|Year : 2018 | Volume
| Issue : 1 | Page : 59-61
Anomalous blood grouping showing red cell mosaicism in a patient with acute leukemia
Sanmukh Ratilal Joshi, Komal Savaliya, Manisha Rajapara, Parul Narang
Lok Samarpan Regional Blood Center, Lokhat Sarvajanik Hospital, Surat, Gujarat, India
|Date of Web Publication||5-Apr-2018|
Dr. Sanmukh Ratilal Joshi
Lok Samarpan Regional Blood Center, Lokhat Sarvajanik Hospital, Surat, Gujarat
Source of Support: None, Conflict of Interest: None
Background: The ABO blood groups are determined by forward grouping on red cells and are confirmed by reverse grouping on serum, both of which must tally to assign proper blood group to an individual. Any anomaly in blood group must resolve before transfusion. Aim: A patient with anomalous blood grouping required to be investigated as pretransfusion tests. Materials and Methods: ABO blood grouping protocol was followed. The patient's red blood cells (RBCs), showing mixed-field reaction, were separated into those showing agglutination from other remaining nonagglutinated RBCs by selective adsorption using anti-A1 lectin and subsequently disagglutinated by incubating with soluble salivary antigen from Group A secretor individual. Results: Of the two RBCs populations, one that was agglutinated by the lectin showed considerably stronger agglutination with anti-A antibody as compared to those that were not agglutinated. Conclusion: Weakened red cell A antigen was presumed to be due to underlying disease process in acute leukemia.
Keywords: Anomalous blood grouping, leukemia, red blood cell mosaicism
|How to cite this article:|
Joshi SR, Savaliya K, Rajapara M, Narang P. Anomalous blood grouping showing red cell mosaicism in a patient with acute leukemia. Glob J Transfus Med 2018;3:59-61
|How to cite this URL:|
Joshi SR, Savaliya K, Rajapara M, Narang P. Anomalous blood grouping showing red cell mosaicism in a patient with acute leukemia. Glob J Transfus Med [serial online] 2018 [cited 2022 Dec 10];3:59-61. Available from: https://www.gjtmonline.com/text.asp?2018/3/1/59/229335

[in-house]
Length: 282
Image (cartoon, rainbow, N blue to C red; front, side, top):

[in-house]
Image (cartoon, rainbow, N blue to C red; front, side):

| Introduction|| |
ABO blood groups are hereditary in nature and determined by testing the red blood cell (RBCs) of an individual with known reagent antisera, the approach is known as the “forward” grouping. As there is a reciprocal relationship of the antigen on RBCs and corresponding antibody in serum, the blood group of a person is confirmed on serum of the individual tested with known antigens which is described as the “reverse” grouping. In the most cases, the forward and the reverse group match, i.e., an absence of the antibody (ies) denote a presence of corresponding antigen(s) on the RBCs of the individual. However, occasionally, the forward and reverse group do not tally creating a confusion in mind as to assign the proper blood group. As the alloantibodies to the ABO blood group antigens are regularly occurring and are clinically significant, the discrepant results must be resolved before selecting an appropriate blood unit for transfusion. There are several causes for such grouping anomaly, mainly due to the factors intrinsic to RBCs. Some of these have genetic bases and the others are acquired in nature. The latter category may be due to bacterial infections or malignant conditions. There are a few reports documented in literature to show an acquired loss of ABO blood group antigens on RBCs among the patient with leukemia.,, We report here a rare case of grouping anomaly found in a patient with acute leukemia.